Mrs. Rachel Attah

Sunday 26 April 2024

Happy Mother’s Day, Rachel Attah

by Joy Osiagwu

Mrs. Rachel Attah’s unconditional love is everlasting.  I express my appreciation for her admirable strength every Mothers’ Day to her.  Please, let me share a little about my mother with you. She suffered from glaucoma over a decade ago, shortly after she retired as a Deputy Director in the Ministry of Education, Lokoja, Kogi state, Nigeria. She had plans to continue authoring books for Secondary schools and develop her poultry farm, two businesses she became conversant with after my dad, Dr. Samuel Attah, died in 1998.

Mummy and me in Ottawa 2017

Despite the vision setback, her strength is renewed daily, like an eagle’s. Talk about the strength of a woman called Moses; look no further; you have Rachel. I was almost nine when I sat for the entrance examination to gain admission to secondary school in Nigeria. You may have wondered why I took the examination at a tender age. While in class three, my mother, a high school teacher at the time, took advantage of the homeschool method to give me extra lessons. I was that brilliant and eager child who had gained voracious knowledge about education and business early on. At age eight, I had a soft drink and pastry business in the sprawling new neighborhood called Ankpa Quarters in Makurdi, Benue State. It was easier to do business as a young girl at the time because the community raised all the children. Parents were the community watchdogs.

My father, Samuel Attah, was away at Ahmadu Bello University, Zaria, in Kaduna State, for a master’s degree in Animal Husbandry. Despite the brilliant outcome, he was furious when he heard I sat for the examination. He felt I was too young to leave home for boarding school. But I was ready and not willing to take no for an answer. Mummy Rachel understood the “fierce urgency of now in my unfolding conundrum of life.” She got a driver from my father’s office to drive us from Makurdi to Gboko, the location of the Missionary School, William Micheal Bristow Secondary School. We got to the principal’s office, he looked at me and exclaimed, “Madam, I hope she is not here for school.” I responded before my mother could talk. “Sir, I am here for school.” Here is my admission letter. He looked at it and asked, “How old are you??” “I will be nine in September”, I responded. “You are not qualified to be here. How did you get the letter?” He added. “I took the examination and had one of the best results”. I was responding to prove my right to be there while my mother watched from a distance. “She is not mature enough for secondary school”, said the principal. “Sir, my daughter will surprise you; allow her to prove herself” was my mother’s response.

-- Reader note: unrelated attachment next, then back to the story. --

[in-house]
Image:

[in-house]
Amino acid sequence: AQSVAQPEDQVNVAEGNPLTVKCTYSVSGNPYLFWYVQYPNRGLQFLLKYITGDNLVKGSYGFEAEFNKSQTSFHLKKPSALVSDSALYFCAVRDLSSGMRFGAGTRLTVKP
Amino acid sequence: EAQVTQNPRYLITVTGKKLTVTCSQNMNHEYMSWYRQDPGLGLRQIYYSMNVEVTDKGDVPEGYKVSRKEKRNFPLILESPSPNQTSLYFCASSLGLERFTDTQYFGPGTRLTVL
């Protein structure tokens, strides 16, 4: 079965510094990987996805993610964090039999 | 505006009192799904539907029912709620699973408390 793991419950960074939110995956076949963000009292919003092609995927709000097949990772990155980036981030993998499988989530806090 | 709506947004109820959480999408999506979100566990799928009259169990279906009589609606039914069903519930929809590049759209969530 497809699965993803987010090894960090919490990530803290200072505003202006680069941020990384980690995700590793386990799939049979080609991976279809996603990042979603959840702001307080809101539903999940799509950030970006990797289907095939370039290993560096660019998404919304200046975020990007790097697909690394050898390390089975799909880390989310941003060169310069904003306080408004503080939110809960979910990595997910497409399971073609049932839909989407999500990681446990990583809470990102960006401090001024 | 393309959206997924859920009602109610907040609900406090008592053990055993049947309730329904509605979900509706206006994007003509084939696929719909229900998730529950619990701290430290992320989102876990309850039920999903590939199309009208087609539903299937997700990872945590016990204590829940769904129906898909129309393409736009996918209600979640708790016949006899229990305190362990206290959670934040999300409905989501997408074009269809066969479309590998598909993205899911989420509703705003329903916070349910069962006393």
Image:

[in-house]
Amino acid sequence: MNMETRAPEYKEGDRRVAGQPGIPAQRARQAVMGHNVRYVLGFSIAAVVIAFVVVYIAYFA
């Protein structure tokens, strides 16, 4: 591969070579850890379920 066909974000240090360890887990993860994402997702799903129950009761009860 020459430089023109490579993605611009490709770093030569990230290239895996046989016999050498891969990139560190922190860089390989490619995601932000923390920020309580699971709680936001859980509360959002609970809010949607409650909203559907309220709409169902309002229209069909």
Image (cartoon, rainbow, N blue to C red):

While they were talking, I found a comfortable spot and sat on the floor. The principal turned and asked that I leave his office immediately. But Mum told him I would only leave the school when I got confirmation to resume in September. So, she sat down, too. We agreed with the principal that he would send me home if my first-term results were poor. Fortunately, the 5th position in the first term result had my name on it. The memory of the encounter is eternal. From then on, my mother’s support system turned me into a bold and confident individual. She is my greatest motivation. Today, no mountain is too big to climb in my world. That is the motivational mantra that has guided my journey in life.

The narrative above is a fraction of what she did for me while growing up. Once in a while, I remember the drama at the principal’s office with great fondness. Meanwhile, the principal saw me reading the news on the National Television (NTA) seventeen years later. He got my phone number from an associate and called with pride; “Joy, this is your former principal. I am proud of your accomplishments. Each time I see you on the news, I ask myself, what if I had turned her back? Greetings to your mother for believing in you”. 

It will take a series of stories to share about my mother’s unconditional sacrifices over the years to cater to her seven children after my dad passed twenty-six years ago. Despite the challenge with her sight, she has completed several building projects in her family home and is still thinking about her next adventure, at seventy-five. I was heartbroken when we found out the doctors could do nothing more to recover her lost eyesight. From Abuja to Ottawa and Atlanta, it was the same medical report. But my mother is an optimist. Her faith gives me the courage to stay positive.  Do not worry; look on the bright side, miracles still happen. Jesus will heal me in his time she said to me.

Happy Mothers’ Day, Mummy. May the Lord answer your prayers.

Joy Osiagwu.